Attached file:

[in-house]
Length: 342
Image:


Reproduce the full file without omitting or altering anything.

[in-house]
Length: 342
Image: